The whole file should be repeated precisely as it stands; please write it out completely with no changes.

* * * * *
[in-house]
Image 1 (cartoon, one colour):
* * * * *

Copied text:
[in-house]
Image 1 (cartoon, one colour):